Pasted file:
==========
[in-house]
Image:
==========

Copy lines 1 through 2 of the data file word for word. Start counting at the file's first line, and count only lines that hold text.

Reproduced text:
[in-house]
Image: